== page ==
Q: What have been some challenges in either your pre-professional or professional dance career?
First off, my neighborhood in Dallas is primarily white. I was always the token black kid, and bullied in school. Eventually I went to New York University and got back to basically being the token. It was definitely hard, growing up, to actually see myself in some of the worlds that I wanted to be in. I am much more muscular. I build muscle in a different way. My body looks different, my skin looks different, my hair looks different. I definitely struggled and continued to struggle with my confidence. And in particular, when I was younger, with my self worth...I remember seeing AIM perform around the city and when I moved up to Harlem. I remember vividly, Rena Butler on stage and I was thinking about how amazing it was, and that I could never do that. Then, I go to this audition and we have to do it. And it's this thing that I've told myself I couldn’t do. I usually wouldn't really try, I would kind of fake it. But I was in the audition and I just told myself I had to try and I did. Ever since then, it was like a light turned on. From then on, I vowed to just at least try. At least give myself enough credit to take the chance and to take a risk. To fight for what I before couldn't even admit that I wanted. So, it's gone in stages but it's getting better. My confidence is still something that can kind of knock me down and keep me down.
Q: How is the COVID-19 pandemic affected you as a performing artist?
It changed everything. It changed my lifestyle obviously, it changed the financial support that I had. But as a performing artist, some of the things, honestly, have been positive. I can get really in my head. And I'm not now. I've been getting anxious before, I can get really overwhelmed. But I was talking to some of my friends and I was journaling the other day, and I was like, “If I actually have a chance to think about it, everything is so up in the air.” Everything is. So, it could go in so many different directions. You can be hypothetical about this and that, and get overwhelmed. But this is the first time where it's actually better for me to just be in the present moment. And I just, I don't know, I've been able to rest. I've been able to get to know myself. The only thing that I have done routinely and consistently has been meditating every day...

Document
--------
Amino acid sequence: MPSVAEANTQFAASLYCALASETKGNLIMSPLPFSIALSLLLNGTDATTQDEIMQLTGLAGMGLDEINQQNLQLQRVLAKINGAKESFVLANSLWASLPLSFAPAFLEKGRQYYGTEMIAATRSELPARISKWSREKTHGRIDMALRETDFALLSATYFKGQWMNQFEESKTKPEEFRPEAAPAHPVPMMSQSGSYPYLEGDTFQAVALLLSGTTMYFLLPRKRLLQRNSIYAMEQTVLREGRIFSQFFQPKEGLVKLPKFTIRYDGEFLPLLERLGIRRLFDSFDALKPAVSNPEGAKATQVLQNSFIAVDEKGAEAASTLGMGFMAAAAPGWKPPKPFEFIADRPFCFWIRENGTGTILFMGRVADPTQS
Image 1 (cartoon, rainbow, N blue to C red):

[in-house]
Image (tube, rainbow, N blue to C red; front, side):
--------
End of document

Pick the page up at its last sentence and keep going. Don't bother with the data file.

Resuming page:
Catherine Kirk is a performing artist from Dallas, Texas. She cultivated her passion for dance at Booker T. Washington High School for the Performing and Visual Arts before graduating from New York University Tisch School of the Arts with a B.F.A. Catherine has completed programs with Springboard Danse Montreal, Movement Invention Project, San Francisco Conservatory of Dance, and the Gaga Intensive in Tel Aviv where she performed works by Fernando Melo, Sharon Eyal, Ohad Naharin, Andrea Miller, and Robert Battle. Since then, Catherine has worked and performed with Helen Simoneau Danse, UNA Productions, Burr Johnson, and Jasmine Hearn. In 2013, Catherine gained her yoga certification through The Perri Institute for Mind and Body and became a member of Kyle Abraham’s dance company, A.I.M where she continues to perform and work as their Education and Marketing Associate. Catherine sustains a teaching yoga practice, dabbles in photography, continues to dedicate her time off stage in arts administration, and lives in her artistic practice through her ancestry, her faith, and her hope to remain curious.